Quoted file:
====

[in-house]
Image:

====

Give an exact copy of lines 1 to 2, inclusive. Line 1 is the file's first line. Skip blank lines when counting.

[in-house]
Image: